Jardine’s Last TourMartin Chandler |
Author: Heald, Tim
Rating: 3 stars
Once the ramifications of the famous Bodyline series of 1932/33 had, in the following county season, worked their way through the game, Douglas Jardine became something of a Pariah as far as the English cricketing establishment was concerned. An intensely proud man, on seeing the writing on the wall Jardine simply walked away. His career in First Class cricket had ended, at the age of just 33, by the time Australia arrived for the next Ashes series in 1934.
Knowing what we do of Jardine’s personality it would doubtless amuse him to know that, almost eighty years on from his team’s triumphant march through Australia, and more than half a century after his death, his reputation has been rehabilitated and he and his cricketing legacy have now taken their rightful place amongst the great and the good of the game’s past.
There were just two more cricketing adventures for Jardine after his return from Australia in 1933. The first was that summer’s Test series against West Indies, during which he demonstrated to anyone who cared to learn just how fast leg theory bowling should be played. Thereafter his final act as captain of England was to take a second string side to the country of his birth, India, for the first Test series ever played on the sub-continent, during the winter of 1933/34. It is that tour that Jardine’s Last Tour concerns itself with.
The trip is not a well known one, and no English journalist or writer accompanied the touring party. There was no contemporary account published and, in reality, no one in England has taken a great deal of interest in it until now. In the circumstances it is no surprise that Tim Heald’s source material originates, in the main, from Indian writings, and that he has not uncovered very much that is new about any of the characters involved.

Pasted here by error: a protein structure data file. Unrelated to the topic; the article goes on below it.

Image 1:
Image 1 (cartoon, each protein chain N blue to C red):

On the plus side the book is very well written, and for anyone seeking a basic understanding of how Indian society functioned in the 1930s, it is a worthwhile read. That said a reader who wants to learn more about Jardine will acquire no knowledge here that he or she cannot pick up from Christopher Douglas’ excellent biography, and there is also little to learn about the actual play, the techniques of the Indian players or the thoughts and opinions of those involved in the tour, whether they be players, organisers or simply those who watched.
In some ways it is surprising that one of the bigger publishing houses has produced this at all, although given that thanks to Methuen a second edition of Douglas’ book appeared in 2002, as well as a third edition of Jardine’s own book on the 1932/33 tour in 2005, perhaps there is just someone there who is fascinated by the era. Whatever the reason I am afraid I cannot foresee a bestseller. At a penny shy of GBP17 for a mere 30,000 words I suspect that few other than the hardened collector or Bodyline enthusiast will bother with Jardine’s Last Tour, but kudos to Methuen for publishing it nonetheless. Perhaps next time they should think about an account of Jardine’s brief legal career – if they want to commission someone to write it they can contact me via the email address on the front page.